With no deal in hand, lawmakers spend New Year's Eve on the cliff

Senate leaders are racing against the clock to reach a "fiscal cliff" deal the House and Senate can approve on New Year's Eve.

Leaders in the upper chamber narrowed their differences Sunday as Republicans agreed to drop a demand to curb cost-of-living increases to entitlement benefits, while Democrats showed flexibility on taxes.

ADVERTISEMENT
Yet after months of talks on ways to avoid the fiscal cliff of tax hikes and spending cuts at the end of 2012, House and Senate lawmakers find themselves approaching the new year without a bill to present to their members.

Hopes for a deal remained in the hands of Senate GOP Leader Mitch McConnell (Ky.) and Vice President Biden, who spent much of the night in negotiations. 

“The Leader and the VP continued their discussion late into the evening and will continue to work toward a solution,” a spokesman for McConnell said of the talks. The spokesman added that more details would be provided when they were available.

President Obama is scheduled to speak about the fiscal cliff at 1:30 p.m.

Senate Majority Leader Harry Reid (D-Nev.) updated the Senate when it began business at 11 a.m., telling the chamber talks were continuing but that the sides were running out of time.

“There are a number of issues on which the two sides are still apart,” Reid said. “But negotiations are continuing as I speak. We really are running out of time.”

Reid asked for cooperation from colleagues on both sides of the aisle to waive Senate procedural rules so a deal could receive a vote before midnight.

“Americans are threatened with a tax hike in just a few hours. I hope we can keep in mind our single-most important goal is to protect middle-class families,” Reid said.

Separately, Republican senators scheduled a 2 p.m. meeting where they could discuss the talks.  

Signs of trouble emerged on the left, after Sen. Tom Harkin (D-Iowa) criticized an emerging deal as being too generous with tax breaks for the wealthy. 

Democrats have moved from their position of demanding that all taxpayers with annual incomes above $250,000 pay higher rates, and have raised their threshold to $450,000. Democrats have also signaled new flexibility on extending the current estate tax rate.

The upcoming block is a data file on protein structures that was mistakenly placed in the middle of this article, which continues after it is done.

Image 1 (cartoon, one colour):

“This is one Democrat that doesn’t agree with that at all,” Harkin said. “What it looks like is it looks like all of the tax things are going to be made permanent but all of the other things that the middle class in America depend on is extended for one year, maybe two years.

“I think that’s grossly unfair. Grossly unfair,” he added.

Other Democrats offered support for Biden, including Sen. Barbara Boxer (D-Calif.), who in floor comments that immediately followed Harkin's pressed her colleagues to be positive about the talks and to agree that all sides would have to make concessions. 

Senate Finance Committee Chairman Max Baucus (D-Mont.) said that while there is no deal yet, differences have narrowed.

"Every day overall we're getting closer and that's good news. I do think this will be resolved in the next couple of days. Maybe even today," he said.

Most members remain in the dark on actual details of the negotiations between Biden and McConnell, who have a history of Senate deal-making. Their cooperation is seen as a sign that Democrats and Republicans in the upper chamber could still be closing in on an elusive deal. 

Sen. Johnny Isakson (R-Ga.) on Monday called McConnell and Biden the two "best" negotiators for the talks. 

"I'm sure that a final deal hasn't been agreed to, but as long as Vice President Biden and Mitch McConnell are talking ... they are the two that last August made the Budget Control Act possible. They got us the postponement to get us to this deadline now, so we've got our best two negotiators at the table," he said.

Reid has proposed raising the threshold for extending current tax rates on individual incomes to $360,000 and on family incomes to $450,000, according to Democratic senators who received a briefing from him. Republicans have countered with a proposal to raise the threshold for individuals to $450,000 and families to $550,000.